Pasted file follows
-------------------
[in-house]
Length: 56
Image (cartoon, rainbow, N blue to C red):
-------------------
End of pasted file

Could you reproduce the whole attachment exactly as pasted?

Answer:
[in-house]
Length: 56
Image (cartoon, rainbow, N blue to C red):